To protect Social Security benefits

Another way in which you could miss out money is if you are self-employed. If you fail to file your federal income tax return, any self-employment income you earned will not be reported to the Social Security Administration and you will not receive credits toward Social Security retirement or disability benefits.

Filing prior year tax returns: What to do if you've been keeping the IRS waiting

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To avoid credit report damage and other problems securing loans

If you owe money to the IRS, this could be flagged on your credit report in much the same way as any other debt would, and affect your ability to secure credit. In a similar vein, if you are looking to buy or refinance a home, get a business loan or apply for federal aid for higher education, the best mortgage lenders and other financial institutions will want sight of copies of filed tax returns to proceed.

How to file prior year tax returns

Whatever your reason for having previously neglected to file a return - and regardless of your reason for wanting to do so now -  there are a few ways in which you can file your prior year taxes. 

Contacting the IRS is the obvious first step, so that you can find out exactly what you need to provide and for which years. If you have several past-due returns to file, you might have to file returns for the current year and past six years, although your particular circumstances and what the IRS decides will ultimately determine how far back you should file.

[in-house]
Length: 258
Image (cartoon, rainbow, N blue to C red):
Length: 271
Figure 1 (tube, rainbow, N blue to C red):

The IRS website also plays host to most of the prior tax year forms, instructions and information you might need. But while this might be the one of the cheapest ways to file prior year returns, it might also prove quite difficult. There will be some people who are in a position to pay for a professional tax preparer to put their taxes in order, although the likelihood is that most who are beholden to the IRS will need a more affordable solution. 

Filing prior year tax returns: What to do if you've been keeping the IRS waiting

(Image credit: pixabay)

In this respect, the best tax software can help take the stress out of filing taxes, and basic packages are often available completely for free. If you earn less than $69,000, the IRS also partners with some providers to facilitate the preparation of tax returns at no charge. However, while most free tax software will let you file the Form 1040 and take a few common tax breaks, if your circumstances are a little outside the norm, or you think you’ll benefit from some extra support, you will likely need to pay a little more for the best tax software packages. 

Such software will help you quickly file online the latest tax year returns, and deal with the more complicated aspects of tax return. Importantly, they can also be used to help get your finances in order for prior tax years too - while the IRS does not support filing prior year tax returns electronically, the best tax software will lead you through filling in your return before you print it out and mail it to the IRS. 

If you prefer face-to-face support, or have a heap of paperwork to sort through, some of the best tax software providers have physical offices which you can visit too. 

Take back control of your tax situation, and lower your financial stress levels, with the best tax software providers